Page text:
Attacks on Christians in Nigeria are growing in ferocity and frequency – according to a priest who works with survivors of extremist violence.
Father John Bakeni, who coordinates aid for those left destitute by terrorist attacks and internally displaced people (IDPs) in Maiduguri Diocese, northern Nigeria, told Catholic charity Aid to the Church in Need that more savage attacks by militant groups are increasing insecurity among Christians.
He said: “The attacks on Christians are growing more flagrant and more aggressive.
“The ongoing conflict with Boko Haram and the attacks by predominantly Islamist Fulani shepherds have instilled a feeling of great uncertainty and fear in us Nigerians.
“We consider each day we live in safety a blessing because we do not know what will happen the next day.”
Father Bakeni added: “It is very difficult to be a Christian in this part of the world, but our faith encourages us to bravely bear witness to the Gospel.”
According to the priest, difficulties in Nigeria range from problems getting approval to build churches to the kidnapping and forced marriage of young girls.
But Father Bakeni stressed to ACN that increasing attacks on Christian farmers by militant Fulani herdsmen are a significant problem for the Christian community.
He said: “A large number of villages are still under attack. Even as we speak, people are being killed and their property destroyed.”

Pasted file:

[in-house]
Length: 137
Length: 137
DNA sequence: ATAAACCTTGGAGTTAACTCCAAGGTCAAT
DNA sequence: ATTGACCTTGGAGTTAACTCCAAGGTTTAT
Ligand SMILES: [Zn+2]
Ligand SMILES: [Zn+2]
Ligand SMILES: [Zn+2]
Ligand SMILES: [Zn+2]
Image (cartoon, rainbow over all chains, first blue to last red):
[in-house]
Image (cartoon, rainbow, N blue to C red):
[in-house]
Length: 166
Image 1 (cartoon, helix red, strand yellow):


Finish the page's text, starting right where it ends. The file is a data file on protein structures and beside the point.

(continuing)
The priest added: “The fact that the people in rural areas are no longer able to cultivate their fields is deeply concerning. They are afraid of being kidnapped or killed.”
Father Bakeni stressed that such extremist attacks are not representative of the views of most Muslims – but he also called on mainstream Muslims to speak out against the attacks.
He said: “Islamism is a distortion of Islam. The silence of the Islamic majority is disturbing. The people should confront Islamism and denounce it.”
Father Bakeni was critical of government efforts to stop the attacks by extremist groups.
He said: “The state is not putting forth much effort when it comes to the protection and safety of the lives and property of Christians.
“We citizens, no matter whether we are Christians or Muslims, expect the state to protect us and ensure our safety.
“This is the only way that people can go about their business without fear or reservations.”
Father Bakeni said that other dioceses are giving support for displaced families in Maiduguri Diocese, but added: “The greatest support comes from other countries, in particular from ACN and other organizations.”
In Nigeria Aid to the Church in Need is supporting projects, including help for families left destitute by terrorist attacks and rebuilding of church-run welfare support programs destroyed by extremists.